President Obama has nominated Judge Merrick Garland to be a justice on the U.S. Supreme Court, the highest court in the land. But here’s something we bet you don’t know about the judge: He’s a tutor.
Garland, the chief judge of the U.S. Court of Appeals for the D.C. Circuit, has tutored at J.O. Wilson Elementary School for 18 years. J.O. Wilson is a public school in northeast Washington, D.C., according to a story that ran on station WUSA in Washington.
“He’s been coming every other week for 18 years,” said Heidi Haggerty, the principal at J.O. Wilson. “He doesn’t just tutor somebody for a year. When he takes on a student, he follows them for many years.”
Currently, Judge Garland is tutoring a fifth grader named Vernell G. They started working together when Vernell was in first grade. “He really helps me with my homework,” Vernell said. “He’s a great tutor and he inspires me a lot. He inspires me to become a judge.”
Judge Garland helps other students, too. “When we have hard homework and we don’t understand it, he helps us. Like algebra,” said Jenifer M-G., another fifth grader.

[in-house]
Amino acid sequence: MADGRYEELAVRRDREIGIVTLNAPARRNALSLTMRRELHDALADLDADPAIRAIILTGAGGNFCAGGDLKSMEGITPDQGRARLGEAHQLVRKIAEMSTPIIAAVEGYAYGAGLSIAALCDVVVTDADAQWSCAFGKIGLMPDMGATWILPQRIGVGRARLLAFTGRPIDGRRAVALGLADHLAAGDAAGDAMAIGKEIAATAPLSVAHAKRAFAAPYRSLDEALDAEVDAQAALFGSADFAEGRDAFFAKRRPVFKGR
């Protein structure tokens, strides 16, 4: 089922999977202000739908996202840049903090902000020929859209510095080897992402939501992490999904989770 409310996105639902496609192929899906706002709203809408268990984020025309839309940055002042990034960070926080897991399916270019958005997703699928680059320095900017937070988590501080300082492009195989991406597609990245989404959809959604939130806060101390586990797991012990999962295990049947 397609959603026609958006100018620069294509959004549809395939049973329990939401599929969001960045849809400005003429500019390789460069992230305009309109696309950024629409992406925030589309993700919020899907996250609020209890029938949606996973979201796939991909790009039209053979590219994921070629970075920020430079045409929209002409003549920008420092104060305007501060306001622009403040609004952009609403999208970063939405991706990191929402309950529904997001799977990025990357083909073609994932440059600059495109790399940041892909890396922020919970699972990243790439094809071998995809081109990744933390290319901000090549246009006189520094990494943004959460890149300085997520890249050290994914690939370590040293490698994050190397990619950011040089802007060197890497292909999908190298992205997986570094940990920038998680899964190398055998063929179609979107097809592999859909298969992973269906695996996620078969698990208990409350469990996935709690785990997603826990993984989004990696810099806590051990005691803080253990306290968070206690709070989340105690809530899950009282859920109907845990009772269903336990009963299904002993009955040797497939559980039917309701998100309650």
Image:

He’s even hosted them on field trips to his federal courthouse. “We saw him in his court suit and he had a little thing that he beats on to say order in the court,” Vernell said.
The school — a largely African-American elementary school in the D.C. public school system — has a partnership with the D.C. Court of Appeals, according to a story in the Washington Post. Four groups of lawyers tutor students each month, but no volunteer is as consistent as Judge Garland, according to school staff.
Judge Garland also makes sure that his law clerks volunteer at J.O. Wilson. “He tells them it’s not just about helping kids, it will also make each of them a better person,” the WUSA story says. Judge Garland also intends to follow his students and keep tutoring Vernell when she transfers to middle school.
So whatever happens to his nomination, it sounds like one thing won’t stop: Judge Garland will keep tutoring. Watch Judge Garland talk about his tutoring experiences in this White House video.